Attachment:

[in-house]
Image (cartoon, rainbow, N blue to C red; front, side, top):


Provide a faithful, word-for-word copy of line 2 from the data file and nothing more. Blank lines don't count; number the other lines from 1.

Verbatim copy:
Image (cartoon, rainbow, N blue to C red; front, side, top):